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Hakeem Olajuwon a real estate rocket man

Former Houston basketball star has made a fortune buying high, selling even higher

Published: Wednesday, December 6, 2006 at 3:00 a.m.
Last Modified: Tuesday, December 5, 2006 at 9:00 p.m.

HOUSTON - A former player for the Houston Rockets is becoming as celebrated in the city's real estate circles as he was on the basketball court.

Hakeem Olajuwon, the soft-spoken Nigerian émigré who led his team to two NBA championships, also has done extremely well flipping real estate in his adopted hometown. Following an unorthodox yet disciplined strategy, he has managed to make as much in real estate in the past 10 years as he did in his 17 seasons playing professional basketball.

"He buys high and sells higher," said David Cook, executive vice president with the commercial real estate firm Cushman & Wakefield, who has represented Olajuwon in several transactions.

Many of the former NBA All-Star's real estate plays caused market watchers in Houston to shake their heads because they felt he overpaid.

"He buys expensive user land that is already fully developed," said Marvy Finger, president of the Finger Cos., which specializes in developing multifamily properties in Houston and other cities.

Such land is usually excruciatingly slow to appreciate and even at risk of depreciation. But Olajuwon, 43, has managed to at least double and even quadruple his money, reselling often within a year or two of purchase, according to brokers and lawyers involved in the deals. Judging from changes in county appraisal listings, profits from his 25 total transactions have easily exceeded $100 million.

"His timing has been amazing," said Ed Wulfe, president of Wulfe & Co., a Houston retail broker and developer.

The properties Olajuwon buys are often ripe for further development, like parcels near Houston's new light rail line, in the Texas Medical Center and close to the city's baseball stadium, Minute Maid Park. He has also bought and sold centrally situated, or inner loop, properties near major intersections and highway exits. And in November he bought a prime 41-acre tract near the Johnson Space Center .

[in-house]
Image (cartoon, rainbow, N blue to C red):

Olajuwon, who retired in 2002, divides his time between homes in Houston and Amman, Jordan. A Muslim, he has been spending more time in Jordan recently to learn Arabic, the language of the Koran. He already speaks English and Yoruba, a West African language. Reached in Jordan, Olajuwon said he used his imagination when looking at a property. "I try to see its potential, what it could be used for," he said, adding that he studies satellite views of Houston to help him identify good investments.

His advisers said he studied maps and continually sought additional information about nearby building valuations, planned public improvements and traffic patterns.

It has not hurt his fortunes that the real estate market in Houston has been on an upward trend in recent years.

"Houston real estate has continued to be strong across the board - apartment, retail and office," Wulfe said. "We added 75,000 jobs this year, so we're not feeling the pinch like other places."

Regardless, Olajuwon's friends said it was no accident that he had been so successful. He was well known for his intelligence and diligence as a basketball player. He won a gold medal with the United States at the 1996 Olympics and is the top shot blocker in league history.

Though real estate speculation is inherently risky, Olajuwon said he was more comfortable buying land than stocks: "I like real estate because, you know, it's real."

"He's an astute and opportunistic buyer who seems to be keenly aware of opportunities," said W. Michael Hassler, first vice president at the commercial real estate company CB Richard Ellis, whose clients have sold property to Olajuwon. "He buys whole or half -blocks and out parcels," which are valuable "doughnut hole" properties surrounded by land owned by someone else.

Another way Olajuwon minimizes risk is with cash-only transactions.

It's against Islamic law to charge or pay interest, so he never seeks outside financing.

Olajuwon said he now wants to move to the "next level" and try his hand at developing properties. He is a fan of architecture and design, particularly Islamic geometric styles, classic Palladian structures and the modernist work of architect Richard Meier.

Olajuwon has already transformed a historic bank building in downtown Houston into a mosque.

This story appeared in print on page 5

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